I always enjoyed writing, but juggling family life and a lecturing career left little time. Only when life began to slow down did I start writing in earnest.

My reading tastes are eclectic. I enjoy Joanna Trollope because of the pithy way in which she deals with contemporary issues, also Rosamunde Pilcher and the late Maeve Binchy are firm favourites. I like to explore most genres, however.

In my own writing, I aim to focus on writing contemporary romance novels ‘with teeth’.



TAG LINE:  ‘In all secrets there is a kind of guilt.’ Can Abi learn to trust, and Giovanni to forgive?

TAGS: Romance, contemporary romance, women’s fiction, Italy, Venice, holiday resort, British heroine, secrecy, trust

‘Italia! Oh Italia! Thou who hast the fatal gift of beauty.’ Byron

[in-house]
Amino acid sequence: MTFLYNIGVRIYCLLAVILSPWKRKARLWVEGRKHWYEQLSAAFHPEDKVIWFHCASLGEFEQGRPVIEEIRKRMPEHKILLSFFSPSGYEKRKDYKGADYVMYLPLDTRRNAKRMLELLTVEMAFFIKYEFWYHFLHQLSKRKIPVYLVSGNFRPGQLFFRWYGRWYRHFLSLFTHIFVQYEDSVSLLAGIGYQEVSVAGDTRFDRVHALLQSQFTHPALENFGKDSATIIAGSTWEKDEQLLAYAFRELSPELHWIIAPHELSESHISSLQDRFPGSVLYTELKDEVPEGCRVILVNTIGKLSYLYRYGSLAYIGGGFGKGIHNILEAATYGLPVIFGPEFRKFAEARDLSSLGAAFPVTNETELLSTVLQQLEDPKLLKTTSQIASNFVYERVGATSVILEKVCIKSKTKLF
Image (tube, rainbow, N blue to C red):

And Venice is exquisite. Nor is the beauty confined to the place. Hotelier Giovanni Renaldi is tall, dark and devilishly handsome. Yet holiday representative Abi seems immune. Crossed in love, she is in no hurry to fall again. Plus his arrogance is so infuriating.

Surely the discomforting feelings he evokes can only be guilt at covering for his naive sister’s secret lover?

When passion finally wins through, the thrill of their lovemaking is soon wrecked. And Giovanni, proud and fierce defender of his family since inheriting the role of patriarch, is enraged to learn Abi has colluded with his sister.

But Abi quickly discovers her secrecy is nothing compared to Giovanni’s. As the family’s closely guarded secrets begin to unfold, she is sucked into their internal wrangling.

Is nothing what it seems in this clandestine community?

And can love triumph over the turmoil of scarred lives?